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01 April 2017

Weekend Cooking: Feeding a Family by Sarah Waldman

Review: Feeding a Family by Sarah WaldmanWhat's my favorite kind of cookbook? One that helps me get a healthful, fresh dinner on the table even after a busy or stressful day of work. That's exactly what Sarah Waldman's Feeding a Family: A Real-Life Plan for Making Dinner Work (Roost Books; ISBN: 9781611803099; April 11) both promises and delivers.

Waldman, who has a degree in nutrition, is the mother of two young boys and is committed to serving home-cooked dinners pretty much every night. Her real life involves work, marriage, parenting, school, a tight food budget, and small-town resources. In other words, she's not much different from most of us.

Review: Feeding a Family by Sarah WaldmanThe recipes in Feeding a Family are kid tested and adult approved. No, her kids won't eat every single dish in the book, but Waldman looks at this as a growing process. Inside the covers you'll find 40 dinner menus, arranged seasonally. Most are perfect for everyday dinners, though there are a few menus for weekend cooking.

When Waldman says her recipes are family friendly, she means it. She mentions cooking and prep tasks that children can do and provides notes for how to adapt at least part of the menu for infants. In a budget-friendly way, Waldman sometimes adds information on how to either stretch the leftovers or change them into a second dinner.

Don't skip the introductory material, which includes lists about nutrition, shopping, and food prep. You'll also find ways to get the family involved and how to feed picky eaters. Best is the list of pantry meals, what I call "desperation dinners." You know, those times when you are just too zonked to fuss. I'll be using that list a lot.

I really like the design of Feeding a Family: it's clean and easy on the eyes. A bonus are the beautiful photographs by Elizabeth Cecil. I love the mix of lifestyle and food images.

Review: Feeding a Family by Sarah WaldmanThe recipes are solid and doable on a weeknight by families with modest skills. You'll find one-dish meals, pizza, veggie burgers, slow-cooker pork, grilled vegetables, brown rice pudding, and grain bowls. The flavors are varied and the meals range from meat and poultry through fish and vegetarian. The desserts are mostly fruit based and not over-the-top rich.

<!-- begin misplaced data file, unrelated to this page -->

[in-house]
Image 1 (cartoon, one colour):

One thing to remember is this is a family cookbook. So, although the menus are delicious, the food is not highly spiced. I understand this. The idea behind Feeding a Family is to satisfy everyone, including babies. I've been adding extra herbs and spices, but we're not feeding kids.

Recipe: Skillet Spinach Pie from Feeding a Family by Sarah WaldmanRecommendation: If you're looking for new ideas for healthful, fast, family-friendly dinners, you can't go wrong with Sarah Waldman's Feeding a Family. I've discovered some great ideas and yummy dinners, and I bet you'll find some new favorites as well. Note: If you're vegetarian, you'll find a lot to love here, but you might want to borrow the cookbook before buying it.

Recipe: The scan (click to enlarge and read) shows a recipe for Skillet Spinach Pie, which I made and we loved. I've cooked spanakopita many times over the years, but I really liked the addition of ricotta here. I added some garlic and cumin and probably something like oregano. I know that many people shy away from phyllo because of the butter, but this recipe uses only 6 sheets of dough and 5 tablespoons of butter for 8 servings. That's not really too bad for a treat. The photo just above, shows the finished dish.

Note on photos and scans: The recipe and photos come from an advance reader edition and may differ from the final book. Also, these materials are used in the context of a review and all rights remain with the original copyright holders, Sarah Waldman or Elizabeth Cecil.

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Weekend Cooking hosted by www.BethFishReads.comWeekend Cooking is open to anyone who has any kind of food-related post to share: Book reviews (novel, nonfiction), cookbook reviews, movie reviews, recipes, random thoughts, gadgets, quotations, photographs, restaurant reviews, travel information, or fun food facts. If your post is even vaguely foodie, feel free to grab the button and link up anytime over the weekend. You do not have to post on the weekend. Please link to your specific post, not your blog's home page.
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Copyright

All content and photos (except where noted) copyright © cbl for Beth Fish Reads 2008-2018. All rights reserved.